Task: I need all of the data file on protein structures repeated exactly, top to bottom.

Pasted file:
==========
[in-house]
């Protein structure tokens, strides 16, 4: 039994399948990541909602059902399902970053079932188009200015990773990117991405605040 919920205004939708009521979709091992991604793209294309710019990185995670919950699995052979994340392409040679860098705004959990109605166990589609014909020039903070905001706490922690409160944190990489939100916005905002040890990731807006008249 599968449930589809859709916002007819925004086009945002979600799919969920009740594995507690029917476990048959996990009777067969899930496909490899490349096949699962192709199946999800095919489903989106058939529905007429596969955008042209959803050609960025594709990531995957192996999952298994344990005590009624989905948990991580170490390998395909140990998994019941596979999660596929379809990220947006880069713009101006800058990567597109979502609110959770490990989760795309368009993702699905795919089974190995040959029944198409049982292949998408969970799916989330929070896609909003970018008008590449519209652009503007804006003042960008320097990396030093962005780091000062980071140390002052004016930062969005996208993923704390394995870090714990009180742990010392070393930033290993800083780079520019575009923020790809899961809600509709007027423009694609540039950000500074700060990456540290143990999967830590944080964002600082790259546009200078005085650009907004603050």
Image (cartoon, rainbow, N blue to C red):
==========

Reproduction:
[in-house]
């Protein structure tokens, strides 16, 4: 039994399948990541909602059902399902970053079932188009200015990773990117991405605040 919920205004939708009521979709091992991604793209294309710019990185995670919950699995052979994340392409040679860098705004959990109605166990589609014909020039903070905001706490922690409160944190990489939100916005905002040890990731807006008249 599968449930589809859709916002007819925004086009945002979600799919969920009740594995507690029917476990048959996990009777067969899930496909490899490349096949699962192709199946999800095919489903989106058939529905007429596969955008042209959803050609960025594709990531995957192996999952298994344990005590009624989905948990991580170490390998395909140990998994019941596979999660596929379809990220947006880069713009101006800058990567597109979502609110959770490990989760795309368009993702699905795919089974190995040959029944198409049982292949998408969970799916989330929070896609909003970018008008590449519209652009503007804006003042960008320097990396030093962005780091000062980071140390002052004016930062969005996208993923704390394995870090714990009180742990010392070393930033290993800083780079520019575009923020790809899961809600509709007027423009694609540039950000500074700060990456540290143990999967830590944080964002600082790259546009200078005085650009907004603050």
Image (cartoon, rainbow, N blue to C red):